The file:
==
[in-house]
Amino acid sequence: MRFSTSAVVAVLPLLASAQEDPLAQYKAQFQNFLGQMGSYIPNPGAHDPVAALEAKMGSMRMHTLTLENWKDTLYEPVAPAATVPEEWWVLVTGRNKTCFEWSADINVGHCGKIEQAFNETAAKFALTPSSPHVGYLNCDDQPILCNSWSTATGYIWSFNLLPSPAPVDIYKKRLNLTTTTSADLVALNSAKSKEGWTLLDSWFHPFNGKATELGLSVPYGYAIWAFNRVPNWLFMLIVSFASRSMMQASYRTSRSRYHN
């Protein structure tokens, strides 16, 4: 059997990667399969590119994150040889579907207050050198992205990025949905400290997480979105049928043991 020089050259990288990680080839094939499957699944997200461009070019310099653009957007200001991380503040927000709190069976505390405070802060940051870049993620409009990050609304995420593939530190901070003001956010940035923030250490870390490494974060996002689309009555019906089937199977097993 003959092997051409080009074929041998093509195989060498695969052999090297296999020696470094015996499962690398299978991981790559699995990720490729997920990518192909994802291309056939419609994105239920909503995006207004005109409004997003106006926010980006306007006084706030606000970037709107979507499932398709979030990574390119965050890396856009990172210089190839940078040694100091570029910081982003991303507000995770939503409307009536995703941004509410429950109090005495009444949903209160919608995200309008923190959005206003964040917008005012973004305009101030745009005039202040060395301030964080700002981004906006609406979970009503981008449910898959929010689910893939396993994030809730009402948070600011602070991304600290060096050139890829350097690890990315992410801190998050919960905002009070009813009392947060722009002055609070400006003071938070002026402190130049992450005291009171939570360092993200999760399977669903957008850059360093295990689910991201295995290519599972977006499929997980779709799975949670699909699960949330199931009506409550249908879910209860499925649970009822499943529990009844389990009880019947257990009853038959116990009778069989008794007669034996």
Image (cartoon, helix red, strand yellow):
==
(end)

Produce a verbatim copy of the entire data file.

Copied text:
[in-house]
Amino acid sequence: MRFSTSAVVAVLPLLASAQEDPLAQYKAQFQNFLGQMGSYIPNPGAHDPVAALEAKMGSMRMHTLTLENWKDTLYEPVAPAATVPEEWWVLVTGRNKTCFEWSADINVGHCGKIEQAFNETAAKFALTPSSPHVGYLNCDDQPILCNSWSTATGYIWSFNLLPSPAPVDIYKKRLNLTTTTSADLVALNSAKSKEGWTLLDSWFHPFNGKATELGLSVPYGYAIWAFNRVPNWLFMLIVSFASRSMMQASYRTSRSRYHN
């Protein structure tokens, strides 16, 4: 059997990667399969590119994150040889579907207050050198992205990025949905400290997480979105049928043991 020089050259990288990680080839094939499957699944997200461009070019310099653009957007200001991380503040927000709190069976505390405070802060940051870049993620409009990050609304995420593939530190901070003001956010940035923030250490870390490494974060996002689309009555019906089937199977097993 003959092997051409080009074929041998093509195989060498695969052999090297296999020696470094015996499962690398299978991981790559699995990720490729997920990518192909994802291309056939419609994105239920909503995006207004005109409004997003106006926010980006306007006084706030606000970037709107979507499932398709979030990574390119965050890396856009990172210089190839940078040694100091570029910081982003991303507000995770939503409307009536995703941004509410429950109090005495009444949903209160919608995200309008923190959005206003964040917008005012973004305009101030745009005039202040060395301030964080700002981004906006609406979970009503981008449910898959929010689910893939396993994030809730009402948070600011602070991304600290060096050139890829350097690890990315992410801190998050919960905002009070009813009392947060722009002055609070400006003071938070002026402190130049992450005291009171939570360092993200999760399977669903957008850059360093295990689910991201295995290519599972977006499929997980779709799975949670699909699960949330199931009506409550249908879910209860499925649970009822499943529990009844389990009880019947257990009853038959116990009778069989008794007669034996």
Image (cartoon, helix red, strand yellow):